• “Just” – Girls just wanna have fun. They don’t just feel like checking in on the status of a project. I’m not sure why this word gets added so often into sentences because almost every time you can remove it without changing the context of your communication (other than making your communication more succinct and direct). I promise you that you are JUSTified in cutting it out.
  • “Really” – Tell me what you want what you really really want. I’ll tell you what I want what I really really want. I want you to stop saying really because it’s really driving me crazy. If you’re not a member of the Spice Girls, then there isn’t a reason to include this word. It doesn’t add anything. It’s really not an important word (would you look at that spell check is telling me to remove it in every instance and “consider using concise language”. Looks like I was right after all.
  • “Can I” – Yes, you can. I am officially giving you permission to do what needs to be done to get the job done. Now stop asking if you have permission to ask questions. This one irks me to no end. Can I just ask how the project is going? Is it in your job description to ask? It makes you sound like you aren’t confident in your role and responsibilities. Additionally, it sounds a little like you’re coming from the farm. If you must ask a question, I recommend kicking it off with a polite “May I”.
  • “Totally”- I’m going to show my age on this one but anytime I hear someone say “totally” there are two things that come to mind. The first is Wayne’s World. The next is Mean Girls. Neither of these is appropriate for the office.
  • “Actually” – The minute that this comes out of your mouth it makes it sound like you are rethinking what you are saying. “Actually, I had a great time.” Instead of not having a great time? If you don’t need it just lose it. “I had a great time”.
  • “Very” – This is a filler word, which is fine, but I like to remove it or replace it with something more substantial to make my communication sound more professional. Instead of saying “The conference was very good.” You can say something like “I had a wonderful time at the conference. The people were a delight and I learned a lot”.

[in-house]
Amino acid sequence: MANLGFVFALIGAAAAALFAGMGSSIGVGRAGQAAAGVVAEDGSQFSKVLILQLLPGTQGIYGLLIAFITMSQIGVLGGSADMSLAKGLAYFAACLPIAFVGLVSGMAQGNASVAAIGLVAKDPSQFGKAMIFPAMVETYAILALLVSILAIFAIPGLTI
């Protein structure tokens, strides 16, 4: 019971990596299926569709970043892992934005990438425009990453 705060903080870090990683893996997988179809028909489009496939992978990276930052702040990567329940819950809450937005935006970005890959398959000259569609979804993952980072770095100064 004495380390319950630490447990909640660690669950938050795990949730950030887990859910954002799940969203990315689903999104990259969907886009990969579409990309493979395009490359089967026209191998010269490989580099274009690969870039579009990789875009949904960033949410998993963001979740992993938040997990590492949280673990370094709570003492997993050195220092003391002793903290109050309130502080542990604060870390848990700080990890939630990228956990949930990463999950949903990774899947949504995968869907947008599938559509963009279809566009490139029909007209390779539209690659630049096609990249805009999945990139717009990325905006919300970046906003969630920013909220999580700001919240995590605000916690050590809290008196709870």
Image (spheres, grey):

• “Is that okay with you?”, “Will that work for you?” – I don’t always hate when people say this, but it must be used in the right context. This is another one that makes you sound like you are unsure of yourself. Instead of putting it in their court flip it and say something like “Please let me know if you have any questions”. It’s a simple little change that makes it sound like you are in control.
  • “Literally” – If you are going to use the word literally, then you need to open a dictionary and figure out what it means. I will help you out. Per Webster “in a literal manner or sense; exactly.” Want to see me die a little bit inside? Use the phrase “I was literally just thinking the same thing”.
  • My absolute favorite “this might be stupid but…” and…you’re done. No one can hear what you say after that statement. If it’s stupid don’t even say it…but I bet, it’s not stupid and that it’s a relevant and logical idea.

Also, take some time to look up commonly used words to ensure you are properly using the English language. Suposable and irregardless have NO place in the business world.

Last couple of tips for this section. Avoid cursing and make sure that you understand how to speak in a politically correct manner. There are a lot of phrases and slanguage (aka slang language) that people say that are really offensive and can get you in trouble.